Regardless of the number of views your videos get, YouTube has a bottom line to maintain, and it’s important for brands to feel well represented by the content their ads adorn. Remember, Google isn’t just any business: it’s an advertising business. Though they obviously have a strong interest in supporting YouTubers, their first priority is to create an attractive platform for advertisers.
So What Can I Do?
It’s not the end of the world just yet. YouTube has been a game changer
for the lives of many, creating communities and transforming regular Joes with internet stardom, but it is a fickle partner. There are several possible routes to take from here.
Re-brand Your Channel
If there is room for re-branding, consider small changes you could make to keep your channel alive. Test out those changes by creating new advertiser-friendly content. See how your audience responds, as well as YouTube. If the rebranding works, keep rocking out with these new videos. Depending on your channel and the kind of income you need to get from YouTube this could be a relatively small shift in the balance of what you make.
Retain Your Current Brand
Maybe you’re known for your harsh potty mouth. The first step to retaining your current ad revenue is to appeal. With the new notifications, you can now receive alerts when your videos have been demonetized so it’s important to act fast and get a person in front of your content for review.
Switch to Alternate Sources of Income
If your channel is too controversial, now is the time to separate your income from YouTube. You can still post videos there, of course, but seek out sponsors that will pay you directly: just cut YouTube right out of the equation.
Here are some other types of income you could bring in:
- Sell merchandise, online and offline
- Create a Patreon page for additional audience-direct support
- Start a related business inspired by your channel
- Become a paid consultant or speaker
- Do native advertising (also called content marketing) or product placement
- Sell “sponsored by” advertising spots in your videos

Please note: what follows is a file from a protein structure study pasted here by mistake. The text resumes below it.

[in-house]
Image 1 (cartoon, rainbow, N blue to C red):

Consider Other Video Platforms
Don’t put all your eggs in one basket. Diversify your income by taking advantage of what the internet has to offer. Depending on your following as well as your willingness to adapt, you could always try to:
- Explore ad revenue through Twitter Amplify
- Receive donations from live broadcasting with Twitch
- Host video tutorials on Gumroad
And so much more! Remember, you’re running a business here. Learn to adapt to these changes and you’ll be stronger for it in the end. Interested in getting into live streaming, for instance? Learn more from our tutorials below:
Build Your Own Platform
YouTube is an extremely powerful way to reach a wide casual audience, and you should have some presence there, but it’s actually a somewhat poor way to build deep repeat engagement with a more committed audience. Whether you already have a big audience on YouTube or not, it’s worth considering a self-hosted video alternative. These days it’s not that hard to create a personalized, and potentially more lucrative, video streaming website of your own.
VHX (owned by Vimeo) and Uscreen are powerful white label video services that will host you videos, build your web presence, and handle the money. You get a fully branded set of sites and apps for yourself, and they’ll distribute your videos to Over the Top services like tvOS and Android TV. VHX and Uscreen are perfect if you’re less technical or don’t have the time to worry about building websites.
Of course there are other streaming video hosts that will work with your existing sites, too. Envato Tuts+ uses a website of our own construction and design, but we host videos with Wistia. Hosting video with a third-party host like Wistia gives us a high level of dependability, powerful stats, plenty of flexibility, and cutting edge video players. It’s great for SEO, too.
So is This the End of YouTube?
The number one problem YouTubers have is a disconnect. YouTube is a business, but they built that business by heavily funding and creating as a space for creative expression. Video creators are justified in feeling some ownership over that success. Ultimately, though, YouTube is not a public space, and there is no such thing as free speech on a private platform, let alone the right to be paid for it.
Although it feels like censorship, your viewers are receiving free entertainment supported by advertisers. There are inevitable repercussions and limitations when advertisers foot the bill. You can sustain your brand and community if you’re willing to bend to those wishes.
Could this be the end of YouTube? Do you consider their guidelines a form of censorship? What will these changes do to the kind of videos on YouTube? Join in on the conversation and let us know what you think!
And to follow this topic, check out some of these links below:
- Video: YouTube Is Shutting Down My Channel and I’m Not Sure What To Do
- YouTube De-Monetization Explained
- Making Sense Of YouTube’s Great Demonetization Controversy Of 2016